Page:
“This ruling party congress is a rare event, but it’s made possible by the forced labor that untold thousands of North Koreans are subject to as part of everyday life under Kim Jong-Un’s abusive rule,” said Phil Robertson, deputy Asia director. “Kim Jong-Un talks a lot about improving the lives of North Koreans, but we’ll only know if he’s serious if he takes action to end human rights abuses. But I’m not holding my breath waiting for that to happen.”
Since his rise to power in 2011, Kim has repeatedly stated the importance he attaches to the quality of people’s lives. In March 2013, Kim announced his parallel (byungjin) policy of simultaneously improving both the economy and nuclear defense. During his New Year statement on January 1, 2016, he called for the Worker’s Party of Korea to maintain “the improvement of people’s living conditions as the most important among numerous state affairs.”
Yet on February 25, the state-run newspaper Rodong Sinmun announced the government’s launch of a 70-day “battle” to prepare for the party congress. People across the country, including women and children, were ordered to demonstrate their loyalty to Kim and the party through increased forced labor to produce more goods and crops in order to cover the costs of the party congress. Posters, billboards, and media broadcasts have been exhorting North Koreans to complete their “battle plans,” and counting down the days until the congress opens.
This practice of using compelled, uncompensated labor for projects by state agencies has been on the rise since the introduction of the market system to the DPRK in the late 1990s. North Koreans who have fled the country told Human Rights Watch that being forced to labor is common, and virtually all North Koreans have had to do so at some point during their lives.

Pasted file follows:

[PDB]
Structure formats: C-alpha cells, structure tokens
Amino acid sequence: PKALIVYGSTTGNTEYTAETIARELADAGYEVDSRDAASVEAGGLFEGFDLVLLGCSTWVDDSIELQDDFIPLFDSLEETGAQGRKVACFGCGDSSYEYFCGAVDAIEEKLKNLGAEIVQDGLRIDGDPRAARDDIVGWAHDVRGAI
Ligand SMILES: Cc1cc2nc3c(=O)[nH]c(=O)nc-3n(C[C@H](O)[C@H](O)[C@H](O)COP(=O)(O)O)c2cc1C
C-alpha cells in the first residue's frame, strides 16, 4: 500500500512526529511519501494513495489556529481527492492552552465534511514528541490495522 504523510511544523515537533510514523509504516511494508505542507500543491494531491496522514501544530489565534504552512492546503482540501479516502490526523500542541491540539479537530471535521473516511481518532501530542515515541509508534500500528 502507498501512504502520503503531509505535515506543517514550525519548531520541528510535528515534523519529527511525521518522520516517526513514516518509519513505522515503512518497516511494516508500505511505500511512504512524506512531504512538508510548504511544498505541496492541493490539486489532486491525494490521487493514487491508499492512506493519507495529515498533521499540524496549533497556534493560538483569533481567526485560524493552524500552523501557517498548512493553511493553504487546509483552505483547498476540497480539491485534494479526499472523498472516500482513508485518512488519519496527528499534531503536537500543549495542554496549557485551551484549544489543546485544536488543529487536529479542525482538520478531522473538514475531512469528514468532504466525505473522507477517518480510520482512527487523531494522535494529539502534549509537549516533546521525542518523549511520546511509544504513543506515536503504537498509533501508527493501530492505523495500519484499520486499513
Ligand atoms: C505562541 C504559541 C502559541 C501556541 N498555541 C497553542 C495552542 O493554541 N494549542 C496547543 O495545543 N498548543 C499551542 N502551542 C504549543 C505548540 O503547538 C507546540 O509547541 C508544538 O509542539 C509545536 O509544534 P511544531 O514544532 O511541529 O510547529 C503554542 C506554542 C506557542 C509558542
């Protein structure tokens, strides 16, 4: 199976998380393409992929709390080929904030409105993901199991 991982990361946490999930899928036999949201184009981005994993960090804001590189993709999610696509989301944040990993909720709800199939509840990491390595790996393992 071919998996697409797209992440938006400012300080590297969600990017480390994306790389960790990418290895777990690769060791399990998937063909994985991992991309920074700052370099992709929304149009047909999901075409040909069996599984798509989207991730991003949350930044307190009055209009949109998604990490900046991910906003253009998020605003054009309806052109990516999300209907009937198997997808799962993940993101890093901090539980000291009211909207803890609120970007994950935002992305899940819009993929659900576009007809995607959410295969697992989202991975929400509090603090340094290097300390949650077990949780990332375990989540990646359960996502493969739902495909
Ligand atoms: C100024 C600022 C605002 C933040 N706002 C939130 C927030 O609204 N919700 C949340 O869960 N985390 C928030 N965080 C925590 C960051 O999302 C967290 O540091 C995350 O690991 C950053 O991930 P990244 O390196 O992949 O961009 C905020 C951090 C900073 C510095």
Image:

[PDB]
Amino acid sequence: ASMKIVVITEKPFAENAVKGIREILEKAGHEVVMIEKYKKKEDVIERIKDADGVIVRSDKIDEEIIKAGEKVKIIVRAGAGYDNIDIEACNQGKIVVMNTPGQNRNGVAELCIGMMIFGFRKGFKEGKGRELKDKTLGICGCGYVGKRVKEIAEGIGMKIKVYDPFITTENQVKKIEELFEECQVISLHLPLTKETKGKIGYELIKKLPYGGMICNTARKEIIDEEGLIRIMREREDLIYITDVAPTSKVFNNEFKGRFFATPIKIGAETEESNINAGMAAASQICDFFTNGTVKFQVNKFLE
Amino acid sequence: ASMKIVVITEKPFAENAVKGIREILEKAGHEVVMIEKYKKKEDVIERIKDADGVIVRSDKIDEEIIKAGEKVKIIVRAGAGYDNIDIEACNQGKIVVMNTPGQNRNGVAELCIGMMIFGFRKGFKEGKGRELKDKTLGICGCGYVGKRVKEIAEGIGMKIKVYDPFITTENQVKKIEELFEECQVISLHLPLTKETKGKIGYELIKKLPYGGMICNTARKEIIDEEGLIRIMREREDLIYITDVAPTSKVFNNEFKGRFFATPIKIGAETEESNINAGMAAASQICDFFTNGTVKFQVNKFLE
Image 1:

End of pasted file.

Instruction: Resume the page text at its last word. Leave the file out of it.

Forced labor is a central element of North Korea’s egregiously bad human rights record. A 2014 UN commission of inquiry on human rights in the DPRK found that ordinary prison camps “operate mines, factories, farms, and logging camps by extracting forced labor from their inmates. The profits of these ventures do not seem to be reinvested in the prisons.” Students, farmers, craftsmen, factory workers, state enterprise workers, market traders, and other ordinar
North Koreans are also frequently forced to do work projects for free for the government or their institution. The commission also found that crimes against humanity, including enslavement, extermination, murder, rape, deliberate starvation, and enforced disappearances, have been committed “pursuant to policies at the highest level of the state.”
The UN Human Rights Council and the UN General Assembly have repeatedly condemned the human rights situation in North Korea in annual resolutions, including by calling for the UN Security Council to consider referring the human rights situation in North Korea to the International Criminal Court, consistent with the commission’s recommendations. The Human Rights Council has also highlighted the need for accountability for human rights violations in North Korea, and recently authorized the creation of a panel of experts tasked to find practical ways to hold rights violators in North Korea to account internationally.
Human Rights Watch called on Kim to take immediate and comprehensive measures to stop the systematic use of forced labor and the many other rights abuses committed by the government and allow for independent and impartial international investigation and prosecution of crimes against humanity uncovered by the commission. The North Korean government should also formally join the International Labor Organization (ILO) as a member state, and ratify ILO Conventions 29 and 105 as part of an effort to prevent use of forced labor in the future.
“Kim Jong-Un should use the party congress to announce that North Korea will join the ILO and end the systematic use of forced labor to drive its economy and reinforce its politics,” said Robertson. “The North Korean people deserve a government that will respect rights and promote justice.”